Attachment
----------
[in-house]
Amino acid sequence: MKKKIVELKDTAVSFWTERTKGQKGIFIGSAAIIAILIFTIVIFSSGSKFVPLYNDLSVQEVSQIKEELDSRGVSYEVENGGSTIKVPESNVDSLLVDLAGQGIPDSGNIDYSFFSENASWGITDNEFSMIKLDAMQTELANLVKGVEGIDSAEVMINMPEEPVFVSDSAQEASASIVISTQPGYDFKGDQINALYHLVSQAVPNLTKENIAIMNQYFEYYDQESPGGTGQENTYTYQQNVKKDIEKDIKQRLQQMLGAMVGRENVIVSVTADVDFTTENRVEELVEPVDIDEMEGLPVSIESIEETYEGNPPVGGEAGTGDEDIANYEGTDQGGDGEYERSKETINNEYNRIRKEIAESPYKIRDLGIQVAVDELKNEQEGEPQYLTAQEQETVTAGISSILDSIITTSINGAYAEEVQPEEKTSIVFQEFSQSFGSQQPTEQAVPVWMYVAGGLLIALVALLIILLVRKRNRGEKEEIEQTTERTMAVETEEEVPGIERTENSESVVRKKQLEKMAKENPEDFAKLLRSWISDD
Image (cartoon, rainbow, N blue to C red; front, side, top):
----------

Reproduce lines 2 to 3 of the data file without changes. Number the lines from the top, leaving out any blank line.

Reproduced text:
Amino acid sequence: MKKKIVELKDTAVSFWTERTKGQKGIFIGSAAIIAILIFTIVIFSSGSKFVPLYNDLSVQEVSQIKEELDSRGVSYEVENGGSTIKVPESNVDSLLVDLAGQGIPDSGNIDYSFFSENASWGITDNEFSMIKLDAMQTELANLVKGVEGIDSAEVMINMPEEPVFVSDSAQEASASIVISTQPGYDFKGDQINALYHLVSQAVPNLTKENIAIMNQYFEYYDQESPGGTGQENTYTYQQNVKKDIEKDIKQRLQQMLGAMVGRENVIVSVTADVDFTTENRVEELVEPVDIDEMEGLPVSIESIEETYEGNPPVGGEAGTGDEDIANYEGTDQGGDGEYERSKETINNEYNRIRKEIAESPYKIRDLGIQVAVDELKNEQEGEPQYLTAQEQETVTAGISSILDSIITTSINGAYAEEVQPEEKTSIVFQEFSQSFGSQQPTEQAVPVWMYVAGGLLIALVALLIILLVRKRNRGEKEEIEQTTERTMAVETEEEVPGIERTENSESVVRKKQLEKMAKENPEDFAKLLRSWISDD
Image (cartoon, rainbow, N blue to C red; front, side, top):